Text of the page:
Next page . . . . Previous page . . . . Speeches . . . . Contents . . . . Debates(HTML) . . . . PDF . . . . Video

Legislative Assembly for the ACT: 2016 Week 01 Hansard (Wednesday, 10 February 2016) . . Page.. 133 ..

You need to have a balance. The scales of justice, Madam Assistant Speaker, must be in balance, and they must be balanced between the rights of the individual and the desire to make sure that we have rehabilitation, and making sure that those charged with the grave responsibility for implementing our justice system, be they the courts or the police, have the appropriate powers, equipment and protections so that they can do their job.

Yes, we are supportive of restorative justice. But to have that debate in isolation from the broader justice system, while there are so many failures, from the ministry all the way down, is naive and it does not show the whole picture. Essentially, it will not achieve the vision that we would all have, which we would all share in this place, which is for a safer community.

MR RATTENBURY (Molonglo—Minister for Corrections, Minister for Education, Minister for Justice and Consumer Affairs and Minister for Road Safety) (11.57): I thank Ms Porter for bringing this motion forward today and for the opportunity to discuss this matter in the Assembly. As she and other members have noted, the history of innovative approaches to criminal justice in the ACT is a long and proud one.

Successive ACT governments over time, and the Greens, Liberal and Labor parties alike, have shown, up until now, a unique resistance to punitive law and order ideology for the most part, which has allowed our community to explore new approaches and build on existing research bases. I have been concerned to see signs of this evidence-based response to complex issues being somewhat eroded and threatened by the current Canberra Liberals, but reassured by the broader community response to simplistic announcements.

The motion before us refers in the first point to this long history and to the re-integrative shaming experiments project which provided its final evaluation report in 2011. While acknowledging that the use of the word “shaming” was quite controversial at the time, and is not language we would use now, the intent of the experiments was far deeper and more considered than simply shaming offenders. The final report showed that both offenders and victims found conferences to be fairer than the court, and that there were clear benefits to victims that were greater in conferences than in court.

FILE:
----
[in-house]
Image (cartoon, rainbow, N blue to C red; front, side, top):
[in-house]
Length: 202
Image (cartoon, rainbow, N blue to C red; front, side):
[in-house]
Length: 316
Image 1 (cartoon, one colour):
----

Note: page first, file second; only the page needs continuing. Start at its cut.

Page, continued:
But as well as these findings, and essential to the continued expansion of similar programs into the future, were the findings related to recidivism. A distinguished professor and distinguished Canberran, John Braithwaite, was involved in the experiments and evaluations, and I acknowledge his ongoing contribution to these practices both here in Canberra and now also around the world. On recidivism, he said:

The substantive conclusion of RISE is that restorative justice can work, and can even reduce crime by violent offenders. But there is no guarantee that it will work for all offence types. Caution and more research are needed before rapid expansion of any new approach to treating crime. Less caution is needed, however, in testing restorative justice on more serious types of violent offences. The findings in this report provide firm ground for repeating the violence experiment in many other venues and with more refined types of violent offences, including robbery, assault, and grievous bodily harm.

Next page . . . . Previous page . . . . Speeches . . . . Contents . . . . Debates(HTML) . . . . PDF . . . . Video